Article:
help with headlight pls

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juntjoo
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help with headlight pls

Postby juntjoo » Thu Mar 15, 2018 3:55 am

I never had high beams because as I recently found the blue wire to the bulb was removed. Incidentally I also found the high beam warning light was out. So put the blue wire back in the bulb, replaced both burnt out bulbs and shortly after blew the headlight fuse. It should seem obvious I think that somewhere along the blue (high beam) wire there is a short but I'm not so experienced with electrical. So I at least took some ohm readings so maybe someone could advise me from here. Below are readings from behind the headlight fuse(that burnt out) all the way to the high beam and warning light and switch.

1) 1.3 ohms across two wires that meet and close the light circuit at the starter circuit open,

2) .6 an ohm from the harnesses between the starter and light switches

3) erratic then floated around 400 ohms from the harness to the switch

4) a bit over 100 ohms from the switch to the low beam

5) 1 ohm from the switch to the high beam

6) 1 ohm from the high beam to the harness

7) .4 an ohm from the bulb and switch harness to the harness before the instrument gauge

8 ) 9 ohms around the high beam warning light at the instrument gauge harness

so if you can tell me which numbers are off then I can try to fix em. thanks
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Folsoml
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Re: help with headlight pls

Postby Folsoml » Thu Mar 15, 2018 5:19 am

Ohms is not what you should be checking for. You should check for continuity with ground.
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juntjoo
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Re: help with headlight pls

Postby juntjoo » Thu Mar 15, 2018 9:53 am

Folsoml wrote:Ohms is not what you should be checking for. You should check for continuity with ground.


got don't check ohms doing that?
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juntjoo
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Re: help with headlight pls

Postby juntjoo » Thu Mar 15, 2018 5:49 pm

oops. i was doing it with the battery connected. i see in videos people disconnect the battery first. so does that mean I'm getting resistance readings of the battery mixed in? I'm still getting the differences essential though between each section of wire tho right? well I know it's the headlight fuse and it looks like it's related to the high beam or high beam indicator light. so unless i find an obvious effect on the wires I'll have to use numbers here right?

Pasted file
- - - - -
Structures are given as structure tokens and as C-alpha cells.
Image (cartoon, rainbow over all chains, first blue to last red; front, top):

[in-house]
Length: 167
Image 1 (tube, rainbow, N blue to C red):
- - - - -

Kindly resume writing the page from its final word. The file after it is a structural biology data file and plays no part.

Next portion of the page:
so my procedure of going from point to point was useless? my idea was since I knew the headlight fuse went out, I started from there and back tracked through every section of wire. I didn't do each portion to ground, but I closed each section getting readings of exact sections... so come to think of it, battery disconnected or doesn't matter. i isolated each section. If one of those sections was faulty there should be a difference in resistance no? for ex. the low beam wire which worked before when blue high beam wire was disconnected(by op) gave 100 ohms while the blue high beam wire gave 1ohm. shouldn't those numbers closer basically being physically the same, same gauge wire, same direct connection. except the blue branches off headlight in another direction also (to warning light) so while testing blue to switch its connected to circuit to warning light, but from my limited knowledge the current will ignore that path and go straight to switch to the ohmeter I think. okay, I'll keep reading on short circuit testing...
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Folsoml
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Re: help with headlight pls

Postby Folsoml » Thu Mar 15, 2018 6:55 pm

Does your meter have a setting for continuity? Continuity and Ohms are not the same. Presuming that you have a setting for continuity, I would start at the headlight plug. Put one lead on a good solid ground (the green wire connecting to the coils is a good one that's close to the light) and put the other on the end of the blue wire at the plug. Your meter should tell you immediately if you have continuity with ground (not good) or not.

When you say, "since I knew the headlight fuse went out, I started from there and back tracked through every section of wire," What do you mean? Where did you start? At the fuse? And when you "back tracked" were you going back down the harness towards the battery?
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juntjoo
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Re: help with headlight pls

Postby juntjoo » Thu Mar 15, 2018 9:35 pm